<p>Professor of Latin American literature and culture Saúl Sosnowski and Anwat Sadat Professor for Peace and Development Shibley Telhami discuss Middle Eastern conflict at the Graduate School's Forum for International Graduate Students. </p>

Professor of Latin American literature and culture Saúl Sosnowski and Anwat Sadat Professor for Peace and Development Shibley Telhami discuss Middle Eastern conflict at the Graduate School's Forum for International Graduate Students. 

Shibley Telhami said the world has never before seen such upheaval and uncertainty in the Middle East than it does now, and never before has that conflict had such far-reaching international consequences.  

“The security challenges facing the globe are centered in the Middle East,” said Telhami, the Anwar Sadat Professor for Peace and Development at this university, to a crowd of about 50 people at the Graduate School Forum for International Graduate Students.

The audience consisted of graduate students from countries, such as Russia, Israel and Palestine, along with faculty members from the graduate school.

The forum was the second piece in a two-part graduate student forum series. The goal of the talk was to give graduate students an overview of the conflict in the Middle East from Telhami’s point of view.

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Telhami, a professor and political scientist, named two principal causes he believes are behind the conflict — the Iraq war of 2003 and the Arab uprisings in 2010. He then explained how this kind of environment will not be going away soon.

“I’ve always believed it was going to be a disastrous war since day one,” Telhami said.

There were conflicts in the Middle East before the war, but until 9/11, terrorism was declining, he said. The Middle East “wasn’t even the leading region for terrorism,” and Iraq’s strong, centralized government was keeping large-scale terrorist organizations away,cq he said.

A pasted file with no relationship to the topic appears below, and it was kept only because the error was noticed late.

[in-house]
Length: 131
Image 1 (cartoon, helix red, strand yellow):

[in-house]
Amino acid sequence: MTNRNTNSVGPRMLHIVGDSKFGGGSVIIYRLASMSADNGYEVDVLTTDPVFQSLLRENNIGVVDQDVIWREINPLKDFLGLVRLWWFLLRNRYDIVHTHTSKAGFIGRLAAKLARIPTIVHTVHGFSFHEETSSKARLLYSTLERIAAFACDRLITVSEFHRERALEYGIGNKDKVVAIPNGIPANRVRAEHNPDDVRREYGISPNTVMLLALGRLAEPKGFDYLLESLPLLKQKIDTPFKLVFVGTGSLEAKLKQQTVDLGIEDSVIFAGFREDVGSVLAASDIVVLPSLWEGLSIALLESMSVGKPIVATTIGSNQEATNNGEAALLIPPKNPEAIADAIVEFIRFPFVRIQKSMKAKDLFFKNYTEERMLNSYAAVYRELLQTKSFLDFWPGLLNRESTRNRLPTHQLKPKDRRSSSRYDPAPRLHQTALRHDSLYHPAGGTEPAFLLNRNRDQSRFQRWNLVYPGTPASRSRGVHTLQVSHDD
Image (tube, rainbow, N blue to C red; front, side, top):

However, the Iraq war changed that, and after the U.S. took down the Iraqi government, groups such as al-Qaida and the Islamic State were able to take hold of the country, Telhami said.

“[The Islamic State] was principally a product of the Iraq war,” Telhami explained. “No war, no ISIS.”

Sectarianism, a hateful division of a religious group, is more of an outcome of the war and an exacerbating factor in the Middle East, he said. The Sunni and Shia, while they’ve had conflicts, have other identities, such as being Iraqi or Arab, that they promote more than religious ones.

But once the war took away the Iraqi government that represented them, Telhami said, they were forced to choose other identities.

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“When does [being Sunni or Shia] become the principal identity of dividing people?” Telhami said. “We are what we have to defend.”

The removal of Iraq’s powerful government, the insecurity of smaller Middle Eastern countries and the United States’ overall failure in the war have contributed to destabilization in the region, Telhami said.

On the other hand, the Arab uprisings a decade later seemed promising. Powered by access to the Internet and social media, citizens opposed to the government had an outlet to protest and could organize without a political party or leader, Telhami said.

“The information revolution is a revolutionary factor,” Telhami said. “It takes away the government’s monopoly over information. … It empowers the individual.”

For Telhami, though, he said he doesn’t see the U.S. as able to solve Middle Eastern problems. When Saúl Sosnowski, a Latin American literature and culture professor, suggested a decline of the world into a violent primal state, Telhami refuted. 

“Conflict is declining internationally by some measures,” Telhami said. However, he said, there are “too many players” and violence is “too unpredictable.”

The U.S. isn’t going to move away from the Middle East anytime soon, especially with this country’s involvement with Israel and Europe, Telhami said.

Several international graduate students said they connected with the talk. Rotem Katzir, a computer science graduate student from Israel, said she found the speaker interesting. 

“It made me think a lot more,” Katzir said.

Geology graduate student Iadviga Zhelenzinskaia said she enjoyed hearing Telhami’s take on the issue, as it is different from other media outlets she gets news from.

“It was very interesting for me to hear the American perspective, because usually I just watch Russian news and read Russian news,” she said. “I heard a little bit of a different opinion than American journalists and American politicians.”

While most of the talk leaned toward the development of long-term problems in the Middle East, Telhami said the future of these countries could start looking brighter.

“There are trends coming out of the information revolution that are extremely promising,” Telhami said. “The economy is improving; people are more plugged in. … There are some really exciting trends.”